9. Ian Desmond

As we dive inside the top ten, this is where we get to the best of the best. Coming in at number nine is Rockies center fielder, Ian Desmond. Desmond is a two time All-Star and three time Silver Slugger. Desmond always could and still can hit with the best of them even at 33-years-old. A utility man who mostly plays center, Desmond is a jack of all trades.

8. Odubel Herrera

Since his All-Star season in 2016, Herrera has yet to catch that same magic. However, that does not mean he hasn’t been good. Consistently ranking near the top for center fielders in home runs and RBIs, Herrera would be an upgrade for most teams in center.

7. Leury Garcia

Probably the most unknown player in the top ten, Garcia is in his prime and playing great for the Chicago White Sox. Although the power numbers aren’t there, Garcia hits in the .270 range while also playing great defense. As a White Sox fan favorite, Garcia is in the middle of his prime and will continue to be a consistent player for the next 4-5 years.

6. Kevin Kiermaier

Once I got to Tampa Bay Rays center fielder, Kevin Kiermaier, is when the rankings got the most difficult. Kiermaier is a two time Gold Glove winner and one time Platinum Glove winner. He is one of the best defensive players in the entire MLB but he’s also no slouch at the plate. He shows off solid numbers at the plate but not necessarily good enough to get into the top five.

5. Lorenzo Cain

Well, here he is, this is where Milwaukee Brewers center fielder, Lorenzo Cain, ranks among all MLB center fielders. So far in 2019, Cain has had somewhat of a down year when it comes to batting average but that is sure to change soon. For the past five seasons, Cain has hit .301, .307, .287, .300, and .308. He has finished top seven in MVP voting twice because of his ability to hit and play elite defense. Speaking of defense, Lorenzo Cain is the best defensive player in the entire MLB to not have a Gold Glove. Maybe 2019 will be the year? The only reason Cain isn’t ranked higher is because he is 33 and history says he will be entering a decline soon.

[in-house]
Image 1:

4. Byron Buxton

This is the spot in the rankings where we get to players I would rather have on the Brewers over Lorenzo Cain. Coming in at number four is Twins phenom, Byron Buxton. Buxton is the best defensive center fielder in the MLB. He has won a Gold Glove, Platinum Glove, and Wilson Overall Defensive Player of the Year awards. Besides his defense, Buxton can hit for average with above average power. He has elite speed meaning Buxton is very close to being a five tool player. Also, did I mention he’s only 25? The best is yet to come for Byron Buxton.

3. Ender Inciarte

Ender Inciarte is apart of the youth movement in Atlanta that has the team winnings games at an alarming rate. Like Buxton and Cain, Inciarte is a great defender who has won three Gold Glove awards. Besides incredible defense, Inciarte also hits the ball better than most center fielders. In the past 5 seasons, he has hit .289 while also providing speed on the base paths. At 28, Inciarte is in the middle of his prime so don’t be surprised to see 5 more solid years out of him. Maybe a Silver Slugger could be in his future.

2. Starling Marte

The second best center fielder in all of baseball is Pittsburgh’s, Starling Marte. An elite hitter and defender, Marte has been Pittsburgh’s rock for 6 years. He has the power and speed to be considered a five tool player and at 30-years-old, Marte still has some left in the tank.

1. Mike Trout